By Jesse Drake
Maybe you've heard of ITSM and ITIL. But what are they – other than two more acronyms to remember – and how do they relate to how services are delivered and supported at the University of Utah?
ITSM is short for Information Technology Service Management. Broadly, ITSM is a strategic framework to ensure the right processes, people and technology are in place around an IT service – in other words, the art of making an IT organization run. ITIL is Information Technology Infrastructure Library, a library of service management best practices that provides a common language for IT organizations.
ITSM and ITIL have a symbiotic relationship and are inextricably intertwined. ITIL establishes rules that govern ITSM – the overarching goal being to deliver increasingly efficient and predictable service levels. Or as ITSM Process Support Manager Jeff Shuckra put it, making University Information Technology (UIT) and Information Technology Services (ITS) “a lean, mean operational machine.”
ITSM Process Manager Craig Bennion in UIT works alongside the ITSM Process Support Team in ITS, which is composed of Shuckra and Process Analysts Riley Barlow, Brandon Morin, and Ben Poulson.
One of their central functions is supporting users of ServiceNow, the common service management platform management tools used by both organizations. One way to think of the ITSM team is the front face of ServiceNow. Whereas Service Management Platform Services is the tool's back-end support team, ITSM Process Support helps users manage ServiceNow tickets.
“When ServiceNow was first launched, we did a lot of super-user training on the tool," Barlow said. “Training allows everyone to follow the same processes. It's always rewarding to see people evolve with the tool [and] get to see that growth curve.”
Their central role is helping to manage three distinct yet related processes.
“We're here to help the dozens of IT teams at the University follow the same processes and become more efficient at change, problem and incident management,” Shuckra said.
Before getting to "change," a quick clarification on "problem" and "incident." A problem is the cause of an incident. To borrow a medical metaphor, the disease is the problem and the symptoms are the incidents. As a doctor uses symptoms to diagnose the disease, problem management uses incidents to diagnose the problem.
Resolving an IT problem involves running a root cause analysis, establishing a permanent solution, and proactively preventing new incidents while reducing or eliminating recurring events. The goal of incident management, meanwhile, is to restore IT services to normal operating levels as quickly as possible, minimize service disruption, and ensure that agreed-upon levels of service are maintained.
A change is simply any alteration to an IT product or system, such as installing new/retiring old hardware, updating software, or implementing a new service. Bennion and Shuckra's team facilitate a weekly Change Advisory Board (CAB) meeting at 102 Tower, during which proposed changes are considered. Changes are defined based on their necessity and risk: labeled "standard," "urgent," or "emergency." The board evaluates the business need of the change, risks and resources required, and avoids potential conflicts, like prohibiting non-standard changes during a change moratorium.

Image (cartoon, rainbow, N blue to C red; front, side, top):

“We help people requesting a change understand the process, making sure that everything in a [change request] is filled out correctly, that they've thought the change through, reviewed blackout schedules, and classified it correctly,” Poulson said.
Each member brings their unique talents and perspectives to the team.
Bennion has been an IT process manager at the U since 1981 and likes to “solve problems, and help my colleagues become responsive to the organization’s needs.” Bennion is also an accredited ITIL instructor who leads an ITIL Foundations certification program for IT staff. He will be joined this year by an additional instructor, ITS Service Desk Manager Michael Madsen, allowing for more training opportunities. Visit this webpage to review the ITIL course schedule, read an overview of the program, and register.
Shuckra was a change and release manager at the U prior to his current role. He sees his job as “meaningful work that helps improve efficiencies for the organization and keeps things safer, not only in terms of IT systems, but also patient care.”
Barlow, formerly an IT manager for a Texas-based company, “just really likes working with the people.”
Morin, who previously staffed the ITS Service Desk, echoed that sentiment.
“I like how we get to work with a lot of different groups,” Morin said. “On the service desk, you’re working with end users, but in this group you’re able to have a lot more face-to-face with interactions with different IT groups.”
Before joining the team, Poulson, who has an information systems degree from the Eccles School of Business, worked in a variety of system and fiscal analyst positions. His decision to serve the U Hospital and Clinics is a bit more personal.
When his brother was 3 years old, the toddler lost his leg after being run over by a lawnmower. Were it not for the heroics of hospital staff and surgeons, Poulson said it could have been much worse.
“I look at what I do as a way for me to give back to the hospital that saved my brother's life,” he said.